I usually cite 1997 as the year I started taking photography seriously as my main form of artistic expression, so over the last 20 years of creative practice, school and teaching others I’ve absolutely internalized a lot of photographic rules and commonly accepted wisdom. It’s very easy to make a photo that ticks all the boxes of what’s supposed to happen in a photo- which is why I’ve been stretching myself in the last few months to make work that surprises myself. One of the main strategies is to use a camera where I can’t 100% full compose the picture, the Fujifilm Instax Mini 90 Neo Classic, and I shoot material where either I’m in motion, the model is in motion, or we do some random effect to it like double exposure or damaging the film.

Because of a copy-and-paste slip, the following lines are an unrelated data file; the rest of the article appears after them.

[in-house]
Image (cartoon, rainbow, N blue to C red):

Inevitably this leads to some garbage shots, but no higher percentage than the ones I would say I get by doing straight “composed in the viewfinder” type of work.
The above images were shot with model Kaila Stone in my Tempe studio, and we had a blast getting crazier and crazier with the instax- tossing them in the air, doing non-portrait portraits with the leg jammed through a backdrop. These were voted favorites over all the more straighter, “everything in its right place” type images.